Mother's Day 2021: Painting a picture of parenting, then and now!

That voice in my head telling me I should be finishing this column to deadline? That’s her. The person whom I can communicate with in our own verbal shorthand, where words are redundant and a glance can speak volumes? That’s her. And when I look at my messy wardrobe and feel that wave of guilt encompassing me? That’s all her too. It doesn’t matter that I am now a much-married (10 years!) grown up, who doesn’t live with her anymore. Because, wherever I go, my mum goes too. She’s not just in my DNA, but in every pore of my being. She’s my conscience, my saviour, my friend.

But wait, this isn’t just another sappy Mother’s Day tribute to yet another wonderful mum. Although, of course, she’s wonderful and kind and patient and all those other things that everyone loves about their mum. But what I wanted to talk about today, when the online card and cake stores are peddling their wares with a vengeance only slightly concealed by the pink ribbons and red roses, is how being a mum in today’s world is especially tough.

Sorry mummy, I know you had a rough time when the doc had to give you a C-section because I was too lazy to meet the deadline. And being a working mum who packed yummy tiffin boxes for her daughter while planning fantastic family holidays must have been a lot of multi-tasking too. But aren’t you happy you didn’t have to take a thousand photos of the food you cooked and post to Instagram and find the right hashtags for each? Instead, you spent that time talking to me about life, the universe and everything.

And those lovely family holidays you planned and booked? I remember how much we truly enjoyed them. Especially after that time daddy, you and I were lying down and staring at the sky after climbing up that hill in Pachmarhi and I kept asking you what we were going to do next. And you explained to me the importance of being in the moment, of savouring it and just relaxing. And I could suddenly see the swoosh of the grass swaying in the breeze, feel the tickle of bees buzzing, hear the silence of the mountains and a sense of all-pervading calm washed over all three of us. Now, if you were the typical mommy of today, that would have gone into your blog, #momentofepiphany #momlife. And you would have judged it by how many comments it got, rather than how it shaped your daughter’s whole life!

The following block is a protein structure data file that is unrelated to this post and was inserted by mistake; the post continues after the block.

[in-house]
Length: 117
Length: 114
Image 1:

Those were certainly simpler times. You could just give me a book to read and have me out of your hair for a few hours. Today’s mums have to sacrifice their smartphones (if they don’t have an iPad) at the altar of Peppa Pig if they want a piece of peace. I think I was easily entertained too. Remember those bedtime rituals when you’d make up new lands at the top of the magic faraway tree (yes, my favourite author Enid Blyton wasn’t considered a racist, sexist blight back then!)? Ever so often, you’d drift into dreamland instead and I would have to nudge you awake to tell me more about fairies and goblins.